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Iron Making History in China


As far back as the Shang Dynasty the (1600-1100BC), Chinese people began to learn to use iron. At that time, meteoritic iron were used for the blades of luxury weapons, cast into bronze handles which were sometimes inlaid with silver or precious stones.

The Spring & Autumn andWarringStatesperiods (776-221BC), though marked by disunity and civil strife, witnessed the flourish of iron industry. Technology shifted from meteoritic to smelted iron. Malleable cast iron products had greater hardness and better ductility. Iron came into general use, making possible not only the forging of weapons but also the manufacture of farming tools.

The Qin Dynasty (221-206BC) saw rapid development of the iron industry. As Qin Emperor Shihuang unifiedChina, he set up iron officials in production areas in order to increase treasury income and strengthen the centralized power. In the Han Dynasty (206BC-220AD), iron smelting technology made further progress, as indicated by the appearance of various kinds of furnaces, the use of refractory materials and bellows that were made of leather and powered by human strength. From the Qin Dynasty to the Han Dynasty, metal production was relatively decentralized -- gold, tin and cinnabar were mostly produced in southernChina, while copper and iron were produced in the southwest.

During Eastern Han Dynasty (25-220), central government designated iron officials to 34 places. During that time, tin, lead and silver production inSouthwest China'sYunnanProvinceand alluvial gold production inSouthwest China'sSichuanandYunnanprovinces got remarkable development.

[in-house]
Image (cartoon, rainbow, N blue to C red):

The Wei, Jin, and South and North dynasties were marked by frequent wars. During the Sui Dynasty (581-618), great efforts were put on copper production for casting money.

In the Tang Dynasty (618-907) there were 104 iron mines and 62 copper mines all over the country, excludingSouthwest China'sYunnanandGuizhouprovinces.

During Northern Song Dynasty (960-1127), metal production grew rapidly, especially that of copper, tin and lead, which were all major materials for casting money.

During the Yuan Dynasty (1279-1368), the imperial government set up special department in charge of mining and metallurgical industry. Also, rules and regulations governing the industry were implemented, mainly for the protection of government-owned mines.

In the Ming Dynasty (1368-1644), iron production developed remarkably. Zinc began to be used in metal smelting.

During the Qing Dynasty (1644-1911), iron mines were mostly privatized. After the Opium War in 1840, due to the invasion of foreign imperialistic powers and the rise of Westernization Movement and comprador-owned enterprises, Chinese mining industry began to be characterized by semi-feudalism and semi-colonialism.

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